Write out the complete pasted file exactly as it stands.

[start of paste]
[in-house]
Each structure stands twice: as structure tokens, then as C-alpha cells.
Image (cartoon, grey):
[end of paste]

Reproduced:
[in-house]
Each structure stands twice: as structure tokens, then as C-alpha cells.
Image (cartoon, grey):